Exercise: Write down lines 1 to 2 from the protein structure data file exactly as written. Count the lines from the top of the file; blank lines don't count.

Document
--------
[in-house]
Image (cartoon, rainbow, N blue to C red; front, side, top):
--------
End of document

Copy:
[in-house]
Image (cartoon, rainbow, N blue to C red; front, side, top):